The connection with the group that found the boat came through a tip from a third person. Another Direct Relief Emergency Response team member, Chris Alleway— who is scheduled to take a seaplane and then a ferry to deliver medicines to Green Turtle Cay— was able to link up with a Florida-based doctor who has six years of experience practicing in the Abaco Islands, thanks to an introduction from another physician who was partnered with Direct Relief in Haiti.
In another example of an island-based response, after Hurricane Matthew in Haiti, Direct Relief found a Dutch naval ship that had space and was able to move medical aid into the southern part of the island that had been cut off from supply lines.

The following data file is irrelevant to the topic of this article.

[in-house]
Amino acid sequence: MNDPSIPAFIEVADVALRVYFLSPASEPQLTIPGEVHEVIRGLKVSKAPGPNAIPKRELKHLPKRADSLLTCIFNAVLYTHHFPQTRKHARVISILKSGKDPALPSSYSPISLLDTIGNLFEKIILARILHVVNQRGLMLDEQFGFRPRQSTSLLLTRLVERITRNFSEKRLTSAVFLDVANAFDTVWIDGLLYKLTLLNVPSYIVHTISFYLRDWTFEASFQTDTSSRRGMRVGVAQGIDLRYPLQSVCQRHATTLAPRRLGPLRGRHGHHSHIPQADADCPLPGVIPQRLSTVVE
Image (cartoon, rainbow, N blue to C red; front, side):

Getting introductions, and being lucky, are key, but the value is amplified by being ready to act. Prior to June 30 this year, Direct Relief shipped 75 emergency medical supply caches to partners in the US and internationally. The locations were strategically placed to allow to maximum coverage in anticipated storms this year.
Along with the supplies already in the field, Direct Relief has created an estimator algorithm which can identify the most likely medications and amounts that will be requested. The algorithm was created based on past responses and is customizable depending on the region and known demographics, such as diabetes rates or what percentage of the population is over 65 years old.
Direct Relief’s Strategic Disaster Medical Cache, made up of millions of dollars-worth of ready-to-deploy emergency medicines and medical supplies, was also made available.